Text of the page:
Inexplicably, I have always been fascinated by Russia. Well, maybe not so inexplicably, I was a kid in the 80’s after all and remember hazy news reports of Soviet Union this and Gorbachev that. But 80’s Marlana had her hands pretty full with MTV, roller rink Saturdays and Nintendo, so I didn’t devote much time to it back then.
But the fascination remained. Why? Who knows. I thought the language was beautiful, the history was dramatic, and it was very different from the place I grew up. I should also mention the onion domes – they are stunning. Anyway, when a few friends and I planned a cruise through the Baltic, I made sure that St. Petersburg was on the list.
Peter the Great designed the city to be Russia’s ‘window to the west’, and it does feel a lot more western than I imagined Russia to be. St. Petersburg would become the center of the Romanov dynasty, a showcase for the world, and go through a couple of name changes in the process. It’s history is full of names you know: the House of Romanov, Rasputin, Lenin, Stalin. A beautiful city with a bloody and dramatic past.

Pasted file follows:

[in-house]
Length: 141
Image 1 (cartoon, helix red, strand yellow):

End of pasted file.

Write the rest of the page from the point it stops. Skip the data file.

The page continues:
The St. Petersburg we saw is filled with palaces and museums, which, in turn, are filled with history and treasures. The Hermitage, for example, would take you a year to get through if you stopped and looked at every piece for a few seconds (not to mention the 24 miles you’d walk in the process).
The Hermitage is magnificent, as is the city itself, but the fact that so much of it was built on the backs of citizens literally dying in the streets was never far from our minds. Our tour guides made sure to take us to the most beautiful and historic places, keeping us pretty well hidden from any poverty or seedy areas that might be lurking close by. We didn’t have visas so we were at the mercy of our tour guides – but we knew there was a whole other side of the city that we wouldn’t get to see.
While we were blown away by what we saw, we were disappointed that we didn’t get a feel for the place on the whole. Regardless, I did think that St. Petersburg was a nice introduction to Russia, but I’m itching to go back (with visa in hand) to see more.
For more shots of Russia’s ‘Window to the West’, head over to Flickr.